The thirteenth chapter of the Bhagavad Gita is Ksetra Ksetrajna Vibhaaga Yoga. The word kshetra means the field, and the kshetrajna means the knower of the field. We can think of our material body as the field and our immortal soul as the knower of the field. In this chapter, Krishna discriminates between the physical body and the immortal soul. He explains that the physical body is temporary and perishable whereas the soul is permanent and eternal. The physical body can be destroyed but the soul can never be destroyed. The chapter then describes God, who is the Supreme Soul. All the individual souls have originated from the Supreme Soul. One who clearly understands the difference between the body, the Soul and the Supreme Soul attains the realization of Brahman.
Arjun said: O Keshav, I wish to understand what are prakṛiti and puruṣh, and what are kshetra(field) and kshetrayajna(knower of the field)? I also wish to know what is true knowledge, and what is the goal of this knowledge?OPEN VERSE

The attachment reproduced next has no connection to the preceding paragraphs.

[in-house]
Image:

The Blessed Lord said: O son of Kunti, this body is referred to as the 'field'. Those who are versed in this call him who is conscious of it as the 'knower of the field'.OPEN VERSE
And, O scion of the Bharata dynasty, under-stand Me to be the 'Knower of the field' in all the fields. In My opinion, that is Knowledge which is the knowledge of the field and the knower of the field.OPEN VERSE
Hear from Me in brief about (all) that as to what that field is and how it is; what its changes are, and from what cause arises what effect; and who He is, and what His powers are.OPEN VERSE
It has been sung of in various ways by the Rshis, separately by the different kinds [The different branches of Vedic texts.] of Vedic texts, and also by the rational and convincing sentences themselves which are indicative of and lead to Brahman.OPEN VERSE
The great elements, egoism, intellect and the Unmanifest itself; the ten organs and the one, and the five objects of the senses;OPEN VERSE